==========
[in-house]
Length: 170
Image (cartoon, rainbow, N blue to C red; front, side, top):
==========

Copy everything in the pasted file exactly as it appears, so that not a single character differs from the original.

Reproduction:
[in-house]
Length: 170
Image (cartoon, rainbow, N blue to C red; front, side, top):